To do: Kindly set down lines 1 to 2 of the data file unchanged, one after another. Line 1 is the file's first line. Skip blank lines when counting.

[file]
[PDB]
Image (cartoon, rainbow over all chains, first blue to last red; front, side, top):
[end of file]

[PDB]
Image (cartoon, rainbow over all chains, first blue to last red; front, side, top):